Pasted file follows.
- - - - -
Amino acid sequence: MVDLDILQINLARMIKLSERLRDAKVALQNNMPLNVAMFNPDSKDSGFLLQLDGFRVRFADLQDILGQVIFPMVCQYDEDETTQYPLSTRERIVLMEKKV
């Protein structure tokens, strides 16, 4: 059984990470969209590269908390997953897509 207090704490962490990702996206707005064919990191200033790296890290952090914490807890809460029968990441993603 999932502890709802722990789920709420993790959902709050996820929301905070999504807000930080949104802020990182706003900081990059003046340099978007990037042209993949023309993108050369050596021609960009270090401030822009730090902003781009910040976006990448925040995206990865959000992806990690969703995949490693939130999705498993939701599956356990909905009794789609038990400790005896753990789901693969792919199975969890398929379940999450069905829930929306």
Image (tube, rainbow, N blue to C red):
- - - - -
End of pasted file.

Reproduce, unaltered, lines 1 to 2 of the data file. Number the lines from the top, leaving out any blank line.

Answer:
Amino acid sequence: MVDLDILQINLARMIKLSERLRDAKVALQNNMPLNVAMFNPDSKDSGFLLQLDGFRVRFADLQDILGQVIFPMVCQYDEDETTQYPLSTRERIVLMEKKV
């Protein structure tokens, strides 16, 4: 059984990470969209590269908390997953897509 207090704490962490990702996206707005064919990191200033790296890290952090914490807890809460029968990441993603 999932502890709802722990789920709420993790959902709050996820929301905070999504807000930080949104802020990182706003900081990059003046340099978007990037042209993949023309993108050369050596021609960009270090401030822009730090902003781009910040976006990448925040995206990865959000992806990690969703995949490693939130999705498993939701599956356990909905009794789609038990400790005896753990789901693969792919199975969890398929379940999450069905829930929306």